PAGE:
Bertrand Pecquerie and Marianne Bouchart
A year after the massacre at Charlie Hebdo‘s offices in Paris, the satirical newspaper has a message: It is very much alive — but «the killer is still out there».
This week’s cover of Charlie Hebdo does not shy away from controversy and one million copies of the publication will go on sale to mark the first anniversary of the attack of 7 January 2015.
Gérard Biard, Charlie Hebdo‘s editor-in-chief, was away from the office when the attack happened as he wasn’t part of the editorial meeting that day. In the following interview, he talks to Bertrand Pecquerie, CEO of the Global Editors Network, about his experience of the attack and life in the newsroom since then.
Biard will also be speaking at the GEN Summit on Friday 17 June 2016 about the work of Charlie Hebdo since the massacre and how cartoonists can remain creative in an environment of fear.
A year after the Paris attacks at the Charlie Hebdo newsroom, what is the one thing you don’t want to hear on 7 January 2016?
I’m afraid I might still hear it. In response to acts of terrorism, people always come up with explanations and justifications which actually sound like excuses. It is not acceptable. To me, rejection is the only possible reaction to a totalitarian ideology based on religious dogma.
Not all explanations are excuses though…
You’re right, but Daesh has thousands of reasons to hate us. So looking for explanations is like an endless quest, which comes, again, with the risk of looking for «good reasons». These do not exist since their only goal is to force a radical religious ideology onto our democratic society.
Are you talking about Islamic fascism?
I have an Italian background, so I refuse to use the word «fascism» as it relates too much to a specific historical context. «Totalitarianism» seems more suitable and encompasses much more than the Stalinism and fascism of the twentieth century. Unfortunately, we are now facing new forms of totalitarianism in the twenty-first century.
Where were you on 13 November 2015? Did the Paris attacks feel like a second coming of what happened at Charlie Hebdo on 7 January 2015?
I was in the newsroom at Libération to celebrate their move, very close to the Bataclan and the cafés in the eleventh arrondissement of Paris. I was with 300 journalists and we were all dazed. We couldn’t believe what the news channels were showing.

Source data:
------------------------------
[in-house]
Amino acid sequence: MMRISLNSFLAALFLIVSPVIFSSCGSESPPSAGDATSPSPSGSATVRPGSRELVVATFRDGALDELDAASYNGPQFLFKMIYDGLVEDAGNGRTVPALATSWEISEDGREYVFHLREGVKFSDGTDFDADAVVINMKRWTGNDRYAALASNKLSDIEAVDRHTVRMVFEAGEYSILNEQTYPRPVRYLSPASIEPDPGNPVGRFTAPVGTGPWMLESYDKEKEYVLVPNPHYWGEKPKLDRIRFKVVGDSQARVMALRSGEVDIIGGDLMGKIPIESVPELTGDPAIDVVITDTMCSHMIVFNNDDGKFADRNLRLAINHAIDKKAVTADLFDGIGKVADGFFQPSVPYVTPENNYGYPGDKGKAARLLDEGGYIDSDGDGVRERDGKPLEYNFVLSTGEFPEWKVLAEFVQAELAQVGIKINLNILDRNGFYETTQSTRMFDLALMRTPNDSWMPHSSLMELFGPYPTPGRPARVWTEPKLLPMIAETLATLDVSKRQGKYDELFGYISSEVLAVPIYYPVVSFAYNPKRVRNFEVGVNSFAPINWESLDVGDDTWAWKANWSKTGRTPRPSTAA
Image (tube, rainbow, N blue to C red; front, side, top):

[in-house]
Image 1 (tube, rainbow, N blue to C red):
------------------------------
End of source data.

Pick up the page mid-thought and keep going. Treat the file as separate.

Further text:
This time at Charlie Hebdo we really wanted to speak of the killings without being sinister. Our message was very simple: “Screw you”. This message is from us, the whole Charlie Hebdonewsroom, and also all the French people having drinks in bars and going to concerts. And the “you” is of course for those fanatics who want to impose a new religious totalitarianism in France and in the rest of the world. France acts as a symbol, but it is not the only country under threat.
You received numerous international awards since January 2015, but also some tough criticism. What do you say to those who are not Charlie?
You’re referring to the PEN Awards in the US where a few members of the jury didn’t want to endorse the Charlie spirit. It is a controversy specific to Anglo-Saxon culture, but their argument is reasonable and a prerequisite since Charlie reaches an international audience. We have a duty to explain what French cartooning is and in what context it developed during the nineteenth and twentieth centuries: the laïcité, the freedom of expression, the anticlerical violence…
How do you explain the concept of laïcité (often translated as “secularism”) to a non-French audience?
I start by saying that there is no perfect translation of the word in any other language. In English, “secularism” isn’t a sufficient translation of “laïcité”. Then you have to keep in mind that there are two ways to look at the divide between Church and State. In France, religion cannot interfere with political affairs whereas in countries like the US, it is the State that cannot interfere with religious affairs. These are two opposite points of view and that is why it is so hard to discuss laïcité in an Anglo-Saxon country.
Other front pages of Charlie Hebdo ignited controversy such as the one representing 3-year-old Aylan Kurdi lifeless on a beach in Turkey…
Yes, because we were accused of blaspheming again! We voluntarily distorted this picture that to us had become “pious”. We are proud to help this tradition of political cartooning live on.
Has Charlie Hebdo’s editorial policy changed since January 2015?
We don’t want to change in substance. But we take into account that 70% of our audience didn’t know us before 7 January 2015. Many are French, but also Europeans to whom we ought to explain what a satirical paper is as there isn’t a real equivalent elsewhere on the old continent. In this way we strive to be more educational, but we’ll never prevent ourselves from doing what we’ve always done.
You re-opened the website charliehebdo.fr. What was the public’s reaction?
Some people agree, others disapprove — often violently — of what we are. The Internet enables people to speak freely, there is no doubt about it. Luckily, Twitter wasn’t around in the 1940s: imagine the millions of anonymous accusations that we avoided!
There was meant to be a Charlie Hebdo Foundation. Where are you with this project?
The project is delayed until further notice. Throughout 2015, we focused on the weekly publication of Charlie. We didn’t have the time to create this foundation.
Will Charlie Hebdo remain viable?
We’ll find out in February-March 2016, when annual subscription renewals are due. Of course some people won’t renew, but we hope new readers will also give us a chance.
Gérard Biard will be one of the speakers at the GEN Summit this year, taking place in Vienna on 15-17 June 2016.